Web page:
CTV.ca | Year in music: The good, the bad, the ugly
When music historians look back at 2008, they may not see much to set it apart from previous years. Besides TV on the Radio's "Dear Science" and the debut album from Fleet Foxes there wasn't much in the way of consensus of an album of the year from critics. On the Billboard charts, the best-selling albums came not from newcomers but from industry veterans like Alicia Keys, Lil Wayne, AC/DC, The Eagles and Josh Groban.
But that aside, 2008 represented the culmination of a number of trends that started earlier this decade.
Indie rock continued to get more pretentious but a few new bands like Los Campesinos! added an absolutely necessary shot of fun to the genre. Classic rock also had a big comeback year with Metallica and AC/DC launching new albums and massive tours. 2008 was also the year that Axl Rose finally decided to release the 14-years-in-the-making "Chinese Democracy."
Hip-hop, the dominant music genre in the U.S. (though not to same extent in Canada or Europe), saw some development as artists started pushing away from rap. This was most obvious on Kanye West's "808s and Heartbreak" in which the outspoken rapper turned to actual singing (computer-assisted, however) and added a personal dimension to his lyrics not seen before from the mega-star.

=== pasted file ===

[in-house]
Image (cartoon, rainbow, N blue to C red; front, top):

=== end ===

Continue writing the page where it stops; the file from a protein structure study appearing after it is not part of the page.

Also, rapper Kid Cudi's "Day and Nite" was a huge crossover hit in the electro world, thanks to a remix by Italian producers Crookers.
These are just a few of the trends seen in the increasingly-splintered music world. Read on to see what 2008 will be remembered for:
The bad trend: The album is dead
iTunes announced in April of 2008 that it was now the biggest music retailer in the United States. This is not a bad thing in itself, as being able to download music directly to your computer and MP3 player without a) feeling guilty for stealing it or B) leaving your chair, is inherently awesome.
But the side effect is that the single is king again. Billy Corgan of the Smashing Pumpkins declared his band would not be making albums anymore (alas, there's a catch. . .) but said he would continue releasing singles because that's what the industry wants.
The trend here is that artists are going to increasingly spend their efforts on making three-minute songs that taste like candy, but ignore delivering an entire meal. Although, this is not a bad thing for pop music, as albums from Britney Spears and her ilk, generally have a 75 to 25 per cent filler to decent ratio. But serious music fans want albums, with deep cuts that are not necessarily aiming for the Billboard Top 40. As a result, many new artists are starting careers by posting two songs to their Myspace page and are quickly swallowed up by the music industry before they are ready for the big stage (see indie band Black Kids.)
Good Trend: The fan is king
There's more music out there than even the most obsessed Pitchfork music editor can listen to. You are no longer be forced to listen to whatever labels make music video and radio channels play and most of that music can be found somewhere for free. Even major artists are increasingly putting out free music, such as Nine Inch Nails and Radiohead.